10. 10. Recommendations • Attract more handset manufacturers to Android Slide 10 • Increase mobile application offerings – Make Android Market easier for developers to use & quicker app approval process versus iTunes – Offer higher app sales cut to developers versus iTunes Product Integration • Match or beat tight integration offered by iPhone/ OS X/ iTunes within Handset/ Android OS/ Android Market combinations Market Penetration • In addition to mainstream users, target the enterprise / business segment
  11. 11. Recommendations continued Slide 11 • Ingredient marketing: Cover portion of handset manufacturers’ costs (Intel Inside case) • More integration in Google product offerings • Continue building VoIP capability through Google Voice Marketing • Protect brand image in mobile Leverage existing offerings
  12. 12. Questions? Slide 12
  13. 13. Google vs Apple: Collaborators turn Rivals 1. Enter SmartPhone market 2. Acquire Mobile Ad company 3. Block Mobile Ad firm acquisition 5. Reject Google Voice App from iTunes • Parallel between Google / Apple and Gillette /Bic case • Google does not have competitive advantage in hardware Slide 13 4. Antitrust Allegations
  14. 14. Collaborators or Competitors? 06.07 Apple releases iPhone 11.07 Google unveils Android 10.08 Google launches Android Market 07.09 Apple rejects Google Voice 09.09 Google CEO steps down from Apples board of directors 11.09 Google acquires AdMob
  15. 15. Collaborators or Competitors? 01.05.10 Google releases Nexus One 01.05.10 Apple acquires Quattro wireless 01.22.10 YouTube starts to rent movies. 01.26.10 Google Voice in browser released 04.08.10 iAd announced 01.10 FTC investigating Google/AdMob deal 03.10.10 Ads served on YouTube mobile 02.05.10 Apple bans word “Android” from App store 05.10 Apple to replace default search engine with Bing?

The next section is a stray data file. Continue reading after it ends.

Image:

16. 16. Google vs Apple: Mobile Strategy Slide 16 Apple Google Mobile OS Closed [OS X] Open [Android] Primary Mobile Rents Hardware Mobile Ads Partnership Limited [Primarily AT&T] Numerous [Open Handset Alliance] Customer Value End-to-End User Experience Integration: Mobile OS with Google web product offerings Online Store iTunes Android Market Apps Offered 190,000 50,000
  17. 17. Smartphone / Mobile Trends • Mobile phones have become like small computers • Features on Smartphones becoming “an extension of your senses” with vision (camera), touch (screen), voice (speech recognition), awareness (GPS), etc. • Consumers personalize their phones with applications • Growth in mobile search outpacing traditional desktop search. Substantial shift in revenue source for Google: from desktop to mobile ads. Slide 17
  18. 18. Component Suppliers Wireless Carriers Mobile Consumers Mobile OS Mobile Value Chain in US Mobile Retail Outfits Handset Manufacturers Mobile Handsets (in general): Wireless Carrier of Choice! Nexus One Consumers Android OS (Google) Google (online store) Nexus One Manufacturer: HTC Google’s Model (D2C): Semiconductor Chips Branded Companies Component Suppliers Semiconductor Chips Slide 18
  19. 19. SmartPhone Hardware: Porter’s Five Forces Competitive Rivalry (HIGH) Apple (iPhone), Motorola, Nokia, Samsung, Research In Motion, LG Electronics Threat of Substitutes (MED) Landline telephones, VoIP, PC, laptop Compliments (MED) Applications, carrier service plan, mobile phone accessories, flash memory, Personal Computer Bargaining Power of Buyers (MED) Consumers select from existing SmartPhone offerings. However, many options. Bargaining Power of Suppliers (LOW) Mobile semiconductors and phone hardware becoming commoditized. Threat of New Entrants (HIGH) Most telecom companies have ability to enter. Many firms in emerging countries launching new SmartPhones. Slide 19